“It’s not in English, no one wants to watch a movie that they literally have to read to understand what’s going on,” wrote on user.
It may be a four-time Oscar winner, including Best Picture, but some people still can’t get over the fact that "Parasite" demands they read … that is, if they don’t speak Korean.
The South Korean film was an instant sensation when it came out last year, becoming the first South Korean film to win the Palme d’Or at the 2019 Cannes Film Festival. It went on to rack up awards and bank at the box office, culminating with those Oscar wins, which came also for director Bong Joon-ho, screenplay (Bong Joon-ho and Han Jin-won), and international film.
It was expected to take home international film, and was a strong contender for director, but it’s Best Picture win was one of the most delightful Oscar surprises of the past decade. And yet, for some detractors none of those things seem to matter.
Hulu was celebrating their exclusive streaming launch of the film on Wednesday via Twitter when the usual haters started giving their two cents. Rather than just let them rant to no one, Hulu’s social media page decided to engage, shutting them down brutally in the process.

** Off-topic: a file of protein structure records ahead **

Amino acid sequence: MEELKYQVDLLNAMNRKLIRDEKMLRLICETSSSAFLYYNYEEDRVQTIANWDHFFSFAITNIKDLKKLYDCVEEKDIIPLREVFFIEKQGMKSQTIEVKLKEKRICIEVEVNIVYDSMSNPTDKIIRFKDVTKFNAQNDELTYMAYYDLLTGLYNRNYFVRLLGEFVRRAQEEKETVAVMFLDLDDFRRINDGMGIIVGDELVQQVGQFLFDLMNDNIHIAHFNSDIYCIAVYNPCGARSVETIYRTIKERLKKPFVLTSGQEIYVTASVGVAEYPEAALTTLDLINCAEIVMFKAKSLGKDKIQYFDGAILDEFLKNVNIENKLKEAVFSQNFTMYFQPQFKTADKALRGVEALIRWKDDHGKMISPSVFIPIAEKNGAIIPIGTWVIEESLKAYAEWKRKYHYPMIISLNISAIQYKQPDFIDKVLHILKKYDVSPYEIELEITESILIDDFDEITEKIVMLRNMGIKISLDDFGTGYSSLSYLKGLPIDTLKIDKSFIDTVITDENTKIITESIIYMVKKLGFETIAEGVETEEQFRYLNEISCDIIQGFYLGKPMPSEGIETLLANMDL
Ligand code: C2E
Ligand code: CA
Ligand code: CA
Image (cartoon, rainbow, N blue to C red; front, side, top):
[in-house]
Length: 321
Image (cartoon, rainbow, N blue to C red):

"Pathetic movie," wrote one user. Hulu shot back, "It won … four Oscars." Even the "Parasite" official movie page got in on that one, countering the review (which lacked any insight or context) with their own clapback.
They’re right to tout their victory. Certainly critics and movie buffs have already made their opinions known, and they all seem to disagree with this critic.
But their best burn came when someone lamented the one problem that so many Americans seem to have with any foreign language film … reading!
"It’s not in English, no one wants to watch a movie that they literally have to read to understand what’s going on," said one user, though its $50 million-plus box office in the US and Canada would seem to disagree. Worldwide, it is the highest grossing South Korean film at $266 million, meaning people were willing to read it in all kinds of different languages.
Hulu had the perfect solution, though, for anyone who simply can’t handle subtitles. "You can always learn Korean," they suggested helpfully. Or perhaps the film’s director said it best while accepting his Oscar for a subtitled film:
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